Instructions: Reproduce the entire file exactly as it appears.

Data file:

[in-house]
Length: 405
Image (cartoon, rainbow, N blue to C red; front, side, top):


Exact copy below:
[in-house]
Length: 405
Image (cartoon, rainbow, N blue to C red; front, side, top):